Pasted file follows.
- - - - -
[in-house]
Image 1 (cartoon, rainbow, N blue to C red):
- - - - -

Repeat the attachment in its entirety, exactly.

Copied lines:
[in-house]
Image 1 (cartoon, rainbow, N blue to C red):